The Society Portal

Cleric, knight and Peasant; example of feudal societies

Cleric, knight and Peasant; an example of feudal societies


A society is a group of individuals involved in persistent social interaction, or a large social group sharing the same geographical or social territory, typically subject to the same political authority and dominant cultural expectations. Societies are characterized by patterns of relationships (social relations) between individuals who share a distinctive culture and institutions; a given society may be described as the sum total of such relationships among its constituent of members. In the social sciences, a larger society often exhibits stratification or dominance patterns in subgroups.

Societies construct patterns of behavior by deeming certain actions or speech as acceptable or unacceptable. These patterns of behavior within a given society are known as societal norms. Societies, and their norms, undergo gradual and perpetual changes.

Insofar as it is collaborative, a society can enable its members to benefit in ways that would not otherwise be possible on an individual basis; both individual and social (common) benefits can thus be distinguished, or in many cases found to overlap. A society can also consist of like-minded people governed by their own norms and values within a dominant, larger society. This is sometimes referred to as a subculture, a term used extensively within criminology.

More broadly, and especially within structuralist thought, a society may be illustrated as an economic, social, industrial or cultural infrastructure, made up of, yet distinct from, a varied collection of individuals. In this regard society can mean the objective relationships people have with the material world and with other people, rather than "other people" beyond the individual and their familiar social environment.

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Young Toraja girls at a wedding ceremony
The Toraja are an ethnic group indigenous to a mountainous region of South Sulawesi, Indonesia. Their population is approximately 650,000, of which 450,000 still live in the regency of Tana Toraja. Most of the population is Christian, and others are Muslim or have local animist beliefs known as aluk ("the way"). Torajans are renowned for their elaborate funeral rites, burial sites carved into rocky cliffs, massive peaked-roof traditional houses known as tongkonan, and colorful wood carvings. Toraja funeral rites are important social events, usually attended by hundreds of people and lasting for several days. Before the twentieth century, Torajans lived in autonomous villages, where they practised animism and were relatively untouched by the outside world. In the early 1900s, Dutch missionaries first worked to convert Torajan highlanders to Christianity. When the Tana Toraja regency was further opened to the outside world in the 1970s, it became an icon of tourism in Indonesia: it was exploited by tourism developers and studied by anthropologists. By the 1990s, when tourism peaked, Toraja society had evolved significantly, from its agricultural beginnings into a largely Christian society.

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An Ideal HusbandCredit: Artist: Unknown; Restoration: Adam Cuerden

A scene from Oscar Wilde's 1895 play An Ideal Husband, originally published in a 1901 collected edition of Wilde's works. The comedy, which opened January 3, 1896, at the Haymarket Theatre in London, revolves around blackmail and political corruption, and touches on the themes of public and private honour. It has been adapted into television, radio/audio, and three films. The published version differs slightly from the performed play, for Wilde added many passages and cut others. Prominent additions included written stage directions and character descriptions. Wilde was a leader in the effort to make plays accessible to the reading public.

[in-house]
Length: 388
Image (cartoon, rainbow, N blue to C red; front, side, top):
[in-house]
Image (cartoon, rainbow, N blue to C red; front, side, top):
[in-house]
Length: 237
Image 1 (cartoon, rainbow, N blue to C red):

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Eccentric flint on display in Brussels

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The Red Cross and Red Crescent emblems, the symbols from which the movement derives its name.

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Samuel Adams
Samuel Adams was an American statesman, politician, writer, and political philosopher, and one of the Founding Fathers of the United States. Adams was instrumental in garnering the support of the colonies in rebellion against Great Britain, ultimately resulting in the American Revolution. He was also one of the key architects of the principles of American republicanism that shaped American political culture. Adams organized protests against the British, including the Boston Tea Party in 1773, and participated in the Continental Congress. He also advocated for the adoption of the Declaration of Independence at the Second Continental Congress. Following the American Revolution, Adams helped draft the Articles of Confederation. After the war ended, he ran for the House of Representatives in the 1st United States Congressional election, but was unsuccessful in his bid. He was elected Lieutenant Governor of Massachusetts in 1789 and after John Hancock's death in 1793, Adams served as the acting governor, until he was elected governor in January of the following year. He served in that position until June 1797 when he decided to retire from politics.

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An 1890 recording of Walt Whitman reading the opening four lines of his poem "America", from his collection Leaves of Grass.

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Federico Fellini

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